In a recent fit of nostalgia laced with masochism, I decided to listen again to Portishead’s Dummy and Julee Cruise’s Floating into the Night, two albums that seemed to define a slushy ‘90s techno-chanteuse aesthetic. I always thought both albums were dead boring, but also strangely compelling. They disturbed you at the same time they put you to sleep. And boy, did listening to them bring back memories. These discs were a demented form of pomo New Age for saintly hipsters who often used them as phony-sublime heavenly-angel tools of seduction. Before the Barry White revival (there was a Barry White revival, right?), Portishead was an ace tool for generating that bedroom heat.
I was shocked and delighted to find that the aesthetic is alive and well, and Park Avenue Sounds does a pretty fine job of carrying on the seduction. Their debut album, To Take with You, is a mellow, electronic, nebulous sequence of 10 torch songs (in 50 minutes) that shuffle past your eardrums very, very slowly. Chanteuse Jeannette Faith and handyman Wes Steed create a creeping universe of staid beats and empyreal vox, just like the good old days.
An album that’s long on atmosphere and short on content, To Take with You defies rational explication. And anyway, the oscillating melisma of Faith’s voice makes it really hard to hear the lyrics. The opening track, “Petals”, creates a joyous slow-thumping electro-climate, and the only line I can hear clearly is when Faith croons “I’ll always be in love . . . with you” at the end. I could swear she sings “I will always be naked” at some point, but that could just be my imagination running wild. It’s a nifty opener, and all the other songs echo it. Faith’s singing is clearly influenced by Olivia Newton-John—an innocent-sounding exhalation that occasionally swoops and soars, but doesn’t disguise its limitations. In a way, this is very cool: who needs the vocal pyrotechnics of a Björk or the epochal simplicity of a Beth Orton, when you can get some great geisha sounds out of an ordinary heroine in love? Have you never been mellow?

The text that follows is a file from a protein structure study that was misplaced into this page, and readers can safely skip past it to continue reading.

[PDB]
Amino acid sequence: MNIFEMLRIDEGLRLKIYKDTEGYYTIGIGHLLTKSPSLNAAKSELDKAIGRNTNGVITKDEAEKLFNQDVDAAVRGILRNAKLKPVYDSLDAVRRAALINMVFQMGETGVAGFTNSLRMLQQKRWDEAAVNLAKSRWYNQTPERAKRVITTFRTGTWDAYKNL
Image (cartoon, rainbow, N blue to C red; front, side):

What about the rest of the album? Well, it’s all pretty samey, though this is actually a good thing for a change. “73 Hours” combines some thwomping beats with the misty vox of Faith (this time singing an actual melody!) to knit a nice comfy blanket of a tune. (“24 Hours”, on the other hand, is a brief sonic excursion for Steed, without vocals). Fans of Ofra Haza might enjoy Faith’s nonsense ululations in “Lined”, which should sound like mourning or something, but actually sounds like a blaspheming seraph floating into the night. “Trouble Sleeping” is more potent than melatonin, the sound of a sea cucumber dozing off while the Little Mermaid floats past it. I hoped that “Yoko’s Lament” would jostle the pacing with some Yoko Ono caterwaul, but unfortunately it’s the most sluggish thing on the record, and it has few beats. It does include a funny refrain that goes, “shooby do-wop bop”, though. The record’s funkiest moment is “Crash”, where atonal boops and scratchy gurgles actually help define Faith’s helpless vocals. The closing track, “On the Ground”, reprises the opening track (oh I get it: petals on the ground), with a slightly more relaxed temperament (if such a thing is possible).
So what is this album? What are we supposed to take with us? Well to me it’s obvious: it’s an indie Quiet Storm album. The way the electric definition crackles in one ear while Jeannette breathes in the other evokes the clean sheets of a grad-school bedsit romance. It’s all very slow and tender, but you definitely hear a progression from one song to the next. Opening tracks “Petals” and “Hiding” sound like foreplay, while closers “Crash” and “On the Ground” sound like cuddling. At 50 minutes, it might be too brief for Quiet Storm purposes, but hey at least you don’t have to get up and flip it over.
// Sound Affects
"The man whose songs were recorded by Johnny Cash, Alan Jackson, Ricky Skaggs, David Allan Coe, The Highwaymen, and countless others succumbs to time’s cruel cue that the only token of permanence we have to offer are the effects of shared moments and memories.READ the article